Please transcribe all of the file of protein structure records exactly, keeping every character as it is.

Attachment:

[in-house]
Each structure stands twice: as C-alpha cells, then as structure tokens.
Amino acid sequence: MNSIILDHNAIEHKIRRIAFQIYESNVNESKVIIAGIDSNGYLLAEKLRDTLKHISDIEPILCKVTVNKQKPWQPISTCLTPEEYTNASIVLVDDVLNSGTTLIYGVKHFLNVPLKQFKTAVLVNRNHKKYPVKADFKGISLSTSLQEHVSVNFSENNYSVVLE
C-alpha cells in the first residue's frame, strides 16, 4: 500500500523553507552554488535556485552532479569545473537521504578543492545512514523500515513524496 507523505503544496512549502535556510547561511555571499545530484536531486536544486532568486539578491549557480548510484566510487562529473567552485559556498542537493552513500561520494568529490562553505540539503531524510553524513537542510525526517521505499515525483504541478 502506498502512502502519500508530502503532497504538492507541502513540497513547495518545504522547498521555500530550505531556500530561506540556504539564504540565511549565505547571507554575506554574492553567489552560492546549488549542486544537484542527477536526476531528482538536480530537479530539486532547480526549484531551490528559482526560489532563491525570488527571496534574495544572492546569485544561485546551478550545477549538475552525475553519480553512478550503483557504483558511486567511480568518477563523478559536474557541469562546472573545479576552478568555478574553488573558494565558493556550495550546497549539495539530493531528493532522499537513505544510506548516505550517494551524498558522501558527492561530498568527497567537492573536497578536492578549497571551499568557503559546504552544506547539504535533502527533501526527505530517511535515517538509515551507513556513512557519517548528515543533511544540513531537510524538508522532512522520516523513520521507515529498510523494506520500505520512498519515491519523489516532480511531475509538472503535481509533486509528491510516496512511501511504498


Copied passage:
[in-house]
Each structure stands twice: as C-alpha cells, then as structure tokens.
Amino acid sequence: MNSIILDHNAIEHKIRRIAFQIYESNVNESKVIIAGIDSNGYLLAEKLRDTLKHISDIEPILCKVTVNKQKPWQPISTCLTPEEYTNASIVLVDDVLNSGTTLIYGVKHFLNVPLKQFKTAVLVNRNHKKYPVKADFKGISLSTSLQEHVSVNFSENNYSVVLE
C-alpha cells in the first residue's frame, strides 16, 4: 500500500523553507552554488535556485552532479569545473537521504578543492545512514523500515513524496 507523505503544496512549502535556510547561511555571499545530484536531486536544486532568486539578491549557480548510484566510487562529473567552485559556498542537493552513500561520494568529490562553505540539503531524510553524513537542510525526517521505499515525483504541478 502506498502512502502519500508530502503532497504538492507541502513540497513547495518545504522547498521555500530550505531556500530561506540556504539564504540565511549565505547571507554575506554574492553567489552560492546549488549542486544537484542527477536526476531528482538536480530537479530539486532547480526549484531551490528559482526560489532563491525570488527571496534574495544572492546569485544561485546551478550545477549538475552525475553519480553512478550503483557504483558511486567511480568518477563523478559536474557541469562546472573545479576552478568555478574553488573558494565558493556550495550546497549539495539530493531528493532522499537513505544510506548516505550517494551524498558522501558527492561530498568527497567537492573536497578536492578549497571551499568557503559546504552544506547539504535533502527533501526527505530517511535515517538509515551507513556513512557519517548528515543533511544540513531537510524538508522532512522520516523513520521507515529498510523494506520500505520512498519515491519523489516532480511531475509538472503535481509533486509528491510516496512511501511504498